The costumes were true to the 1980s, albeit just a tad too much denim in terms of every single cast member was wearing denim or double denim in the opening scenes. Yes denim was big in the 80s, but not every single person wore denim all the time, it would have been lovely to see more 80s slogan t-shirts, or 1980s dresses and shoulder pads and more perms! The cast all spoke with perfect Geordie accents and the acting was of outstanding quality.
Vocally there were some talented singers, notably Megan Elsegood as dance teacher Mrs. Wilkinson, and Billy’s mother, played by Sophie Moss. I was slightly underwhelmed by some of the ballet performances however, especially since the storyline is focused around ballet. Having trained in Classical Ballet myself on and off until my late 20’s, I found some of the routines a tad untidy, not always in sync with each other and often rather wooden. However, on the other hand the tap dancing routines were simply spectacular and the dancers were all perfectly in sync during high-energy tap routines. The role of Billy is being shared between Kai Harris and Jayden Harling. Tuesday nights’ Billy was played by Kai Harris and from the moment he entered the stage he displayed all the right characteristics and physique of a talented dancer and we certainly was not left feeling disappointed.
However I was slightly underwhelmed by the Dream Ballet, where Billy sees his older self and the pair performed an in-sync duet. Although both performed this well, it just lacked the magic from this highlight of the show. For me, the character that gave the best overall performance was Perry Lowther as M. Braithwaite. His dance routines were spectacular and his character was full of warmth and charm.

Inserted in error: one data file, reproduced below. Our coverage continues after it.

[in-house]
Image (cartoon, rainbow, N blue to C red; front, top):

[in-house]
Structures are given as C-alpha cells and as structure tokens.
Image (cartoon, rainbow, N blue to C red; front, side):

The Cast had clearly put their heart and soul into what is a very challenging musical, both physically and mentally, dealing with adult issues and times of hardship based on true events. Although none of the Cast were born at the times of these events, I am sure that their parents or at least Grandparents were, and regardless of whether or not they had family working in the pits in the 1980s, it was an event that was to have a knock on effect to local history for years to come. It was easy to see that a great deal of effort had put into this performance and therefore I found it difficult to rate, having seen so many Amateur and Professional performances both North and South spanning the last four decades. If improvements were made to the sound issues and some of the dance routines polished slightly it would definitely gain a five star rating, however because of these issues I feel it is more of a three to four star quality performance.
Kai Harris shows signs of a very healthy career in theatre, and in dance particular as do various other cast members, and although a difficult musical for a cast of amateur adolescents to perform, I feel the Cast did a wonderful job. Well done to all involved!
Reviewer: Lottie Davis-Browne
Reviewed: 21st June 2016
North West End Rating: ★★★★